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off the charts

North Carolina’s Tax Cuts Far From Praise-Worthy

The Tax Foundation’s new chartbook, “North Carolina Illustrated: A Visual Guide to Tax Reform,” showers praise on North Carolina’s recent tax cuts, while leaving out fundamental facts about the harm those tax cuts have caused and the additional damage they will do in the future.  North Carolina’s tax cuts shouldn’t be mistaken for “tax reform,” let alone serve as a model for other states. 

The state’s recent tax changes: 

  • Cut taxes for wealthy people and corporations, but raised them for middle- and low-income people.  North Carolina’s 2013 tax package slashed income tax rates, eliminated the estate tax, and took other steps that disproportionately benefit the rich, while expanding sales taxes, eliminating the state’s Earned Income Tax Credit, and taking other steps that raised taxes disproportionately for middle- and lower-income people.  Additional income tax cuts that the state enacted this year lessened the rich’s share of tax payments even further.  That’s the wrong direction to take when inequality in North Carolina is at historically high levels, and so many families are struggling to get ahead.  And it makes a tax system that asks too little of the wealthy even more unbalanced
  • Weakened North Carolina’s education system and other keys to a healthy economy.  The tax- cutting spree will cost the state nearly $2 billion annually once all the cuts phase in over the next five years, squeezing the funding available for schools and other building blocks of a strong future.  Already, the tax cuts have left thousands of low-income children in North Carolina without access to pre-kindergarten programming, many schools without up-to-date textbooks, and community college students facing higher tuition.  The additional tax cuts scheduled to kick in in coming years will only increase the harm to the state’s education system and other public services, further eroding the state’s competitive position.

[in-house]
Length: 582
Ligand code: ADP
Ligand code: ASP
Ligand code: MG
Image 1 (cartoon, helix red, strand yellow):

• Are unlikely to boost North Carolina’s economy.  Despite the predictions of proponents, other states that have tried this approach have not seen their economies surge as a result, and ― contrary to Tax Foundation claims ― there’s no consensus in the academic literature that lower state and local taxes promote growth.  More likely, the damage to the state’s education system and other public services will harm, not help, the economy.    

We agree with some of the Tax Foundation’s analysis, including that states should broaden their sales tax base to include more services (but we disagree about doing this to pay for income and estate tax cuts targeted to the wealthy).  We also agree that states should eliminate loopholes in their corporate income tax codes.  But it’s wrong to hail these modest improvements while ignoring more fundamental problems with North Carolina’s overall approach — slashing taxes for the wealthy and corporations at the expense of the state’s future.